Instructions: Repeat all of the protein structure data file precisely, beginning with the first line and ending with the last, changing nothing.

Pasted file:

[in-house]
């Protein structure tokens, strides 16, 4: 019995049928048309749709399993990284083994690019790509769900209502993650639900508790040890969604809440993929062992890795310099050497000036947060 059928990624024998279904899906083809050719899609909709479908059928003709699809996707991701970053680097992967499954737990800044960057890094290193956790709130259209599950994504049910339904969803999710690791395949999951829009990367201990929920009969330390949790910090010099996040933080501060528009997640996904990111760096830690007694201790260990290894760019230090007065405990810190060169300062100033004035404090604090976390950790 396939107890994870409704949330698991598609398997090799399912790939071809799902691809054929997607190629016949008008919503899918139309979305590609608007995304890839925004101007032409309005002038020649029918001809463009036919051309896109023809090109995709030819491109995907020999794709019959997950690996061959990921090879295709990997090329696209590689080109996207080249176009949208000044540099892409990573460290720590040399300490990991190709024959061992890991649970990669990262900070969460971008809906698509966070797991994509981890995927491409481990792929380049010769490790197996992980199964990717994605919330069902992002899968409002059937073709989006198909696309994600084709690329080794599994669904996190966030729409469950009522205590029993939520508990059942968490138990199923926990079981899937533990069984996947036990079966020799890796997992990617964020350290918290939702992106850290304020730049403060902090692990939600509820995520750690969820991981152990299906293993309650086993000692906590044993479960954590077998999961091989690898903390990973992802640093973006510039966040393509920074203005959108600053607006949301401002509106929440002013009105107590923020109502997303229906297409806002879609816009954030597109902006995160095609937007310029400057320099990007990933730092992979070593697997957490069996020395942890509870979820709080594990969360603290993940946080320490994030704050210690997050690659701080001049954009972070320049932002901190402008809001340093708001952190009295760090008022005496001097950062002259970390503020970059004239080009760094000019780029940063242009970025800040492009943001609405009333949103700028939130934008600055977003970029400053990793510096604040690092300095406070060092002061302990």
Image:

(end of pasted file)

[in-house]
């Protein structure tokens, strides 16, 4: 019995049928048309749709399993990284083994690019790509769900209502993650639900508790040890969604809440993929062992890795310099050497000036947060 059928990624024998279904899906083809050719899609909709479908059928003709699809996707991701970053680097992967499954737990800044960057890094290193956790709130259209599950994504049910339904969803999710690791395949999951829009990367201990929920009969330390949790910090010099996040933080501060528009997640996904990111760096830690007694201790260990290894760019230090007065405990810190060169300062100033004035404090604090976390950790 396939107890994870409704949330698991598609398997090799399912790939071809799902691809054929997607190629016949008008919503899918139309979305590609608007995304890839925004101007032409309005002038020649029918001809463009036919051309896109023809090109995709030819491109995907020999794709019959997950690996061959990921090879295709990997090329696209590689080109996207080249176009949208000044540099892409990573460290720590040399300490990991190709024959061992890991649970990669990262900070969460971008809906698509966070797991994509981890995927491409481990792929380049010769490790197996992980199964990717994605919330069902992002899968409002059937073709989006198909696309994600084709690329080794599994669904996190966030729409469950009522205590029993939520508990059942968490138990199923926990079981899937533990069984996947036990079966020799890796997992990617964020350290918290939702992106850290304020730049403060902090692990939600509820995520750690969820991981152990299906293993309650086993000692906590044993479960954590077998999961091989690898903390990973992802640093973006510039966040393509920074203005959108600053607006949301401002509106929440002013009105107590923020109502997303229906297409806002879609816009954030597109902006995160095609937007310029400057320099990007990933730092992979070593697997957490069996020395942890509870979820709080594990969360603290993940946080320490994030704050210690997050690659701080001049954009972070320049932002901190402008809001340093708001952190009295760090008022005496001097950062002259970390503020970059004239080009760094000019780029940063242009970025800040492009943001609405009333949103700028939130934008600055977003970029400053990793510096604040690092300095406070060092002061302990």
Image: